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Chaparral Biome: Definition & Locations

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  • 0:00 Definition of a…
  • 0:39 Locations of Chaparral Biomes
  • 2:24 Plants and Animals in…
  • 2:49 Lesson Summary
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Lesson Transcript
Instructor: Derrick Arrington

Derrick has taught biology and chemistry at both the high school and college level. He has a master's degree in science education.

Our world is composed of numerous biomes. In this lesson, we will take a closer look at the chaparral biome to gain an understanding of what makes up this dynamic and unique part of our planet.

Definition of a Chaparral Biome

A biome is a naturally occurring community of plants and wildlife that occupy a particular habitat. Chaparral biomes are composed of a variety of different types of terrain including plains, rocky hills, and mountain slopes.

The climate of the chaparral biome can be characterized as hot and dry in the summer, with temperatures steadily reaching 105 degrees Fahrenheit, and mild in the winter, with temperatures remaining at around 50 degrees Fahrenheit. These conditions make the chaparral very susceptible to droughts and wildfires as the biome normally receives only 10-15 inches of rain per year.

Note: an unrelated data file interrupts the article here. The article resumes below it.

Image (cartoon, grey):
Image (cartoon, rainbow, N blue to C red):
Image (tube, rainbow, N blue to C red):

Locations of Chaparral Biomes

The chaparral biome is found in small sections of most continents, including the West coast of the United States, the West coast of South America, the Cape Town area of South Africa, the Western tip of Australia and the coastal areas of the Mediterranean.

In the United States, the chaparral biome can be found in the Santa Barbara area of California. The Los Padres National Forest and Channel Islands National Parks are areas found near Santa Barbara that have been set aside to preserve the Chaparral biomes and to allow the public to explore them.

The rocky coastal areas of Chile in South America are considered to be a chaparral biome. They are inhabited by Chilean deer as well as other small mammals who have adapted to live in the dry hot climate composed mostly of scrub bushes.

A great portion of southern South Africa is chaparral biome. It is home to many unique plants found nowhere else in the world - such as the Protea plant - that have adapted to live in the dry, arid climate that is frequented by wildfires.

If you close your eyes and envision the wild Australian outback, you may see a rocky semi-mountainous region dotted with small bushes and several species of grasses. This is a classic example of a chaparral biome. One unique inhabitant of the chaparral biome in Australia is the great gray kangaroo. It has evolved to successfully live by feeding on the small shrubs and grasses that grow there.

Coastal areas along the Mediterranean are also considered chaparral biomes. These arid areas are mostly composed of rocky mountainsides that are sparsely populated with shrubs and grasses as well as small mammals that are suited to live in the area. In this part of the world the biome is often referred to as the Mediterranean scrub.

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